The Foreign Mission Board appointed the first Native American Southern Baptist missionary, Jewell Starr Reid, of Cherokee ancestry. She and her husband, Orvil, served in Mexico, where she died in 1940.

Offering Receipts Surpassed $1 Million: Christmas 1945

Lottie Moon Christmas Offering® annual receipts surpassed $1 million for the first time as the Foreign Mission Board marked its 100th anniversary. The stage was set for sending a new generation of missionaries to many lands recovering from the devastation of World War II.


Alfredo Celso Muller

First Hispanic Missionary Appointed: April 9, 1946

The Foreign Mission Board appointed its first Hispanic missionary, Alfredo Celso Muller, a native of Mexico. He served until his death in 1962. His wife, Damaris, who was Swiss, retired in 1968.





The Hoshizaki Family

First East Asian Missionaries Appointed: June 9, 1955

The Foreign Mission Board appointed its first ethnically East Asian missionaries, Reiji and Alice Hoshizaki, of Japanese descent. They served in Japan until their retirement in 1984.





Young adults participating in training for the Journeyman program.

Journeyman Program Started: June 19, 1965

The Foreign Mission Board began sending young adults for two years of missions service. Since the inception of the Journeyman program, more than 6,400 young adults have served among the nations.

Missionary Learning Center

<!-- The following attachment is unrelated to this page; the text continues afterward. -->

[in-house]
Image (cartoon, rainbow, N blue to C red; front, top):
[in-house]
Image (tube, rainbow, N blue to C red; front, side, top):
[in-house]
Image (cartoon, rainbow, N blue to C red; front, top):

Missionary Learning Center Opened: April 9, 1984

Career missionary orientation sessions began at the new Baker James Cauthen and Eloise Glass Cauthen Missionary Learning Center in Virginia. The seven-week program was set to occur six times annually. Over the years the duration and frequency of the program fluctuated, but all missionaries are still required to attend orientation at the Learning Center prior to serving overseas.


Yvette Aarons

First Deaf Missionary Sent: December 30, 1989

The Foreign Mission Board’s first Deaf missionary, Yvette Aarons, was commissioned for a four-year special assignment to Trinidad. She was appointed as a career missionary to Trinidad in 1993 and also served in St. Vincent, Grenada, St. Lucia, Indonesia and Thailand before retiring in 2016.





Name Changed to International Mission Board: June 18, 1997

The Southern Baptist Convention recommended that the Foreign Mission Board change its name to the International Mission Board, based on concerns the term “foreign” implied missionaries are natural and others are different. The word “international” better indicated the gospel is natural for all peoples of the world.

More than 500,000 People Baptized: 2002

For the first time, Southern Baptist missionaries and their overseas partners baptized more than 500,000 people in a single year.

‘Foundations’ Document Clarified Missionary Task: 2018

International Mission Board leaders released the “Foundations” document to provide clarity and common understanding of core missiological convictions, key terms and the six components of the missionary task: entry, evangelism, discipleship, healthy church formation, leadership development and exit.